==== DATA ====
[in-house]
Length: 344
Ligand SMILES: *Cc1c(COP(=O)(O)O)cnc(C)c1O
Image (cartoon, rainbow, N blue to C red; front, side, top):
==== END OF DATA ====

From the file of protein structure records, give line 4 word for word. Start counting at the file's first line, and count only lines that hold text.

Image (cartoon, rainbow, N blue to C red; front, side, top):